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City: Billing upgrade worked

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By Jon Hawley
Staff Writer

Saturday, June 15, 2019

Elizabeth City's switch to a new utility billing system is causing some bills to go out behind schedule, so those customers will get an extension, city officials said Friday.

Officials also reported the utility billing conversion has otherwise gone well, and bills will go out on time after this week.

City Manager Rich Olson and Finance Director Suzanne Tungate both gave updates on the billing conversion in interviews on Friday. The city successfully switched its billing software from Logics Classic to Incode, a platform by Texas-based Tyler Technologies, on Monday night, they reported.

“It's gone a lot smoother than with Edmunds,” Olson said, referring to the billing software company involved in a failed conversion more than two years ago.

A few issues are still getting worked out, however. Tungate explained it took several days to transfer the last week-plus of payments from Logics to Incode. The changeover required the city to collect and record payments in Logics on June 3 through most of Monday, but then upload them into Tyler.

The payment upload finished Friday, and she said Incode now has all the data it needs to manage customers' accounts from here on out.

The delay in finishing uploads means that Cycle 1 bills are set to go out early next week, rather than the end of this week as Olson had hoped in comments Monday night. Bills for Cycle 1 are typically sent out around the 10th of the month and due on the 25th. With the delay, Tungate said those bills will be due on June 30 instead of June 25.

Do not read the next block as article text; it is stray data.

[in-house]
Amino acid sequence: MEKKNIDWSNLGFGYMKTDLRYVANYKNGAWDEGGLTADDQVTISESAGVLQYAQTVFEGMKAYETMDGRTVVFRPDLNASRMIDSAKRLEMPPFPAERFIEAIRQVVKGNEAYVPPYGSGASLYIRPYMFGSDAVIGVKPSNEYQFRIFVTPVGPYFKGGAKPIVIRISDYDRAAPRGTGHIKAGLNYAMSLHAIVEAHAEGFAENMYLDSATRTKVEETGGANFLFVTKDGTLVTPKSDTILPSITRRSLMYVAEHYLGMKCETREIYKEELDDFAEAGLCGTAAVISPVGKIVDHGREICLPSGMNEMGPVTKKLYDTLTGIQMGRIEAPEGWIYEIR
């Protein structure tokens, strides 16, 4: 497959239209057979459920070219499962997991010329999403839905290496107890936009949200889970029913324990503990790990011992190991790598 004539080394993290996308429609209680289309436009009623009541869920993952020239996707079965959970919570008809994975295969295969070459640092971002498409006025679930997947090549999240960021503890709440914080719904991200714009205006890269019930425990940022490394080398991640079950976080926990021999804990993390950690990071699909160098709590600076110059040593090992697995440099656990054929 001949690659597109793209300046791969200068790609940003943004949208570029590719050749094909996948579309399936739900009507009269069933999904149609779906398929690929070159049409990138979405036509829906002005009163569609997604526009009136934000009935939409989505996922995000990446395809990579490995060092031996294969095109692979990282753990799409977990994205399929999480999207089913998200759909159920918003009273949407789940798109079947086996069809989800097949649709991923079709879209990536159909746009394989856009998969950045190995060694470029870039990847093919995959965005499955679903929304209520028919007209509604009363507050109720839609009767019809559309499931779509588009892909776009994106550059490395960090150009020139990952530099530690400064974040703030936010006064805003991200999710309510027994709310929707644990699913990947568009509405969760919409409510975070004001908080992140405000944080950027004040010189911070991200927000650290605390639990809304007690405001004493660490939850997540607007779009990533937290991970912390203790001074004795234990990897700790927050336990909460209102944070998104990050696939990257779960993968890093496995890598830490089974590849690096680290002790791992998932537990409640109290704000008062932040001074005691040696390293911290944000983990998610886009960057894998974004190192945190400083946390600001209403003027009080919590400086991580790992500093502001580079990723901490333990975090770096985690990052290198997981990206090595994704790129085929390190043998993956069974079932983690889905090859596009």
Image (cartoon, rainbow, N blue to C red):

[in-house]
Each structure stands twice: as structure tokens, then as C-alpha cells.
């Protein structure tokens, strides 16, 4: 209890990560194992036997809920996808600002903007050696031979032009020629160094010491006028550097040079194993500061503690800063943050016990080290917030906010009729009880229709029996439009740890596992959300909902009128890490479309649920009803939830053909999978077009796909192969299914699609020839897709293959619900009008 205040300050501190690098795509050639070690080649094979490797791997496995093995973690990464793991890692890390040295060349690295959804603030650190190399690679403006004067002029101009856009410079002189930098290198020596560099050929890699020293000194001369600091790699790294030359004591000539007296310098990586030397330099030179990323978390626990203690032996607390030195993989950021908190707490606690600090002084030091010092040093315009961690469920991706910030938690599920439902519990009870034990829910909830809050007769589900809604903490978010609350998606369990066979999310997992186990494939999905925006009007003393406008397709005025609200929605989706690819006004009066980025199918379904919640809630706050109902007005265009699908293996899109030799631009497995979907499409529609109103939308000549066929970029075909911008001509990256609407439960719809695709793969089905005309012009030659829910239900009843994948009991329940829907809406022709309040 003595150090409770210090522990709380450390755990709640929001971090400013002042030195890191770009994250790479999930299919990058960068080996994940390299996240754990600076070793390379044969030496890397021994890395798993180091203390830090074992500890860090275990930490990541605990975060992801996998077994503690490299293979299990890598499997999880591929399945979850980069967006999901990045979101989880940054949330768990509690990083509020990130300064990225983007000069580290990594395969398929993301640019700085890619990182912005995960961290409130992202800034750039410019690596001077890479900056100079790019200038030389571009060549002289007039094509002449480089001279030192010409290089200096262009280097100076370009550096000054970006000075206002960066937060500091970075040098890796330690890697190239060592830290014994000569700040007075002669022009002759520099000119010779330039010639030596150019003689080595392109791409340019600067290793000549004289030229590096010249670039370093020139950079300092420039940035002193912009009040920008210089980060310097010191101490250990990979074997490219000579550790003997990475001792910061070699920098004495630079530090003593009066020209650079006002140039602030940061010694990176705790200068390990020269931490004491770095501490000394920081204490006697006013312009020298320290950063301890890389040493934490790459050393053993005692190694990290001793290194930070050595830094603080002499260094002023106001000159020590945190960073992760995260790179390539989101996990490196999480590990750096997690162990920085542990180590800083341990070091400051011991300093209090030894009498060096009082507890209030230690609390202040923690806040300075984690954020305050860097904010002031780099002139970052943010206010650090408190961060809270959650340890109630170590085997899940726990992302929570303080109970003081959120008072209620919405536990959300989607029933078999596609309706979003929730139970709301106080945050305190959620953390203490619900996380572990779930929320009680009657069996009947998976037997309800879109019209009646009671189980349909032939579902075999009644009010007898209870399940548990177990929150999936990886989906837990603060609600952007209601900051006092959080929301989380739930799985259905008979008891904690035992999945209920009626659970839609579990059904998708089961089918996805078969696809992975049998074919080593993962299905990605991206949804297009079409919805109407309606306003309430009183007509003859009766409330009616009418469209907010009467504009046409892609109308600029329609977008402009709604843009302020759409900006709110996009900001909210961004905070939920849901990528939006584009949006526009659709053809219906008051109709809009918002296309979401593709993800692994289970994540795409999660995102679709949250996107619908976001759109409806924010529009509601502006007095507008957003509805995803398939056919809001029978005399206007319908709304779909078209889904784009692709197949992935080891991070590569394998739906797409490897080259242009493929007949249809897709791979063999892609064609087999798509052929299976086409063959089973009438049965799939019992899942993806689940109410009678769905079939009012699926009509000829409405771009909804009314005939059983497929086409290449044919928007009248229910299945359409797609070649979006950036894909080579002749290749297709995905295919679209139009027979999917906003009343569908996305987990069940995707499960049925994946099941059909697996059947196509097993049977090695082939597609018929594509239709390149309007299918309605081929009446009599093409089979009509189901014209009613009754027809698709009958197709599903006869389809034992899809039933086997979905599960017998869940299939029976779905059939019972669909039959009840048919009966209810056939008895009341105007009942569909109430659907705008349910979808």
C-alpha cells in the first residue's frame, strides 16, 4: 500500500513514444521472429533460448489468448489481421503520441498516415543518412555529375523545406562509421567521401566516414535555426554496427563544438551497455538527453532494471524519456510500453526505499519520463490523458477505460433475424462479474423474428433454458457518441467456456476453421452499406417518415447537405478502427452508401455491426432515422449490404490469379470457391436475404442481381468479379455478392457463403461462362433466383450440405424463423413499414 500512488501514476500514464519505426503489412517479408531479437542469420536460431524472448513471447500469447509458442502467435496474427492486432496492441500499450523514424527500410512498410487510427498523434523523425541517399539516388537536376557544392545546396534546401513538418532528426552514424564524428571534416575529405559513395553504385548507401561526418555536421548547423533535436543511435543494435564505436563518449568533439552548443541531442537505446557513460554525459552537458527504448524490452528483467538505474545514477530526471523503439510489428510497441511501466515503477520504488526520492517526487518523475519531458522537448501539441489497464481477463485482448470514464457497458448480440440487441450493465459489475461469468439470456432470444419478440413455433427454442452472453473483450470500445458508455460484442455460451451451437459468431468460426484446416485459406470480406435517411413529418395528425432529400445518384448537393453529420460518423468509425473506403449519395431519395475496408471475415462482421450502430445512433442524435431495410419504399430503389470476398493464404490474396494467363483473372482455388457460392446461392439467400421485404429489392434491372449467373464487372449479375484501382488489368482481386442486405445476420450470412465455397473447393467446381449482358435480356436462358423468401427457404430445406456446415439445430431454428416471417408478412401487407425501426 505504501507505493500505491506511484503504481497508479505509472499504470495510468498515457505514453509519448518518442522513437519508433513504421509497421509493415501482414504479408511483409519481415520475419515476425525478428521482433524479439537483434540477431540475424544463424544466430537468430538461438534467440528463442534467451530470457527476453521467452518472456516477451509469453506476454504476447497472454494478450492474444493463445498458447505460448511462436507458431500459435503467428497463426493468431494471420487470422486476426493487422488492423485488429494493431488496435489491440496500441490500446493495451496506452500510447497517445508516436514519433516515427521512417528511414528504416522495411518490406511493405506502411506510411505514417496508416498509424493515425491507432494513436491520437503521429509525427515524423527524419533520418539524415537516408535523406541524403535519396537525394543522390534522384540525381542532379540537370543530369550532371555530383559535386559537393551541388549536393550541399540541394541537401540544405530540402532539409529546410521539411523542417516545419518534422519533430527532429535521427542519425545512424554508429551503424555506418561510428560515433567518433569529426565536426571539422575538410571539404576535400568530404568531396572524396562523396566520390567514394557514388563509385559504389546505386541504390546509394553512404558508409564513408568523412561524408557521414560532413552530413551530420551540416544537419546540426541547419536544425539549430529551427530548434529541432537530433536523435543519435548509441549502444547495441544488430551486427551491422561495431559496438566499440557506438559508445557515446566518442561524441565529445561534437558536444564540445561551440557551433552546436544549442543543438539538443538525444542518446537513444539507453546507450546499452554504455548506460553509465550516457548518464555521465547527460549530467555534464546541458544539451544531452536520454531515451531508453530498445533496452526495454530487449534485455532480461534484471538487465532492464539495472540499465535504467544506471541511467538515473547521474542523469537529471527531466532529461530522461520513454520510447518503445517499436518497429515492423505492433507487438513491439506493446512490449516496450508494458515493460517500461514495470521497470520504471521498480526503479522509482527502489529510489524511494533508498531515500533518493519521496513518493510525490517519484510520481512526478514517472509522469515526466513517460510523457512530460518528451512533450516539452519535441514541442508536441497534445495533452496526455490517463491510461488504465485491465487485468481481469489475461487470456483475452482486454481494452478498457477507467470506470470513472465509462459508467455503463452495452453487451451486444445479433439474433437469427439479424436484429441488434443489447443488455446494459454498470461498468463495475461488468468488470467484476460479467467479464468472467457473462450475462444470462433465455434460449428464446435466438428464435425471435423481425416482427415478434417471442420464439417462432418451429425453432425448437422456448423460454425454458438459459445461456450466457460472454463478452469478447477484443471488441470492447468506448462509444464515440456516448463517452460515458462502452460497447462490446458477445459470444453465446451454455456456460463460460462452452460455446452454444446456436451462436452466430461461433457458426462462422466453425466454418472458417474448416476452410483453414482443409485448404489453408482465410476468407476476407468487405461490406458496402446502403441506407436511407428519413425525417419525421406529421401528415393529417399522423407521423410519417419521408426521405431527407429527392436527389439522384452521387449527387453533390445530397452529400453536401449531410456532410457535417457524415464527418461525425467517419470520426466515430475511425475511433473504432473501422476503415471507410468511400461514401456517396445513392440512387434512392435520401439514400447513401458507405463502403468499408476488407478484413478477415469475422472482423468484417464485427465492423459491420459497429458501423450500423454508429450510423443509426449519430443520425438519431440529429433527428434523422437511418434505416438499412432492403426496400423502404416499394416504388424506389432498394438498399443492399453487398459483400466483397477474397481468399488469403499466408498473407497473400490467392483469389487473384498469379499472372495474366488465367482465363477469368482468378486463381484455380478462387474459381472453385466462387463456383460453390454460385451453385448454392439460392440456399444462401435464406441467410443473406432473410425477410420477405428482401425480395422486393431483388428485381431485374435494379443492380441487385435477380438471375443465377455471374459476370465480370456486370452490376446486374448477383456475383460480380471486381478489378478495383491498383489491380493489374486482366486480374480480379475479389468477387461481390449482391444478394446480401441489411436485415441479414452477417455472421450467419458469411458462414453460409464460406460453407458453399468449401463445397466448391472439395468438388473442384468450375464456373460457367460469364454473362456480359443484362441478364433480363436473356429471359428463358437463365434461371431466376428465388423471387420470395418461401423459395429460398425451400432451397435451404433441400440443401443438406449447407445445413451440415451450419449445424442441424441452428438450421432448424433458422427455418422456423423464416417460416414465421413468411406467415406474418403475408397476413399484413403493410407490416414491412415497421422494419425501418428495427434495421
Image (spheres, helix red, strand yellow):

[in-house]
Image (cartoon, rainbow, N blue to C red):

The next cycle of bills normally go out around the 17th and are due on the 2nd of the following month, so customers who typically see their bills then should get them and pay them as normal, she continued.

Olson and Tungate also said the city is still working to accept credit and debit card payments at its customer service offices. The city is still trying to get to the bottom of an odd issue with internet bandwidth that's causing payments to be declined, he explained.

Olson and Tungate also reported Tyler's online portal should launch next week. It will be available through a link on the city's website, www.cityofec.com. Customers will need to set up login information and then can manage their bills online, she said.

To keep things running smoothly, Tungate also said Tyler will have support staff in Elizabeth City for the next few weeks. Tungate also thanked customers for their patience as the switch happens. There were some lines at the satellite office on Griffin Street on Tuesday, but volume was fairly light.

“I don't know if everyone's staying away” while the upgrade happens, she joked.

Olson said the city expects lower customer volume this time of the month, which factored into officials choosing June 10 as the go-live date.

Tungate also confirmed that, as previously planned, bank drafts will resume for customers that use them. The city suspended both automatic payment and "levelized" billing to simplify the conversion. Tungate also confirmed levelized, or budget, billing customers may reapply for that program.

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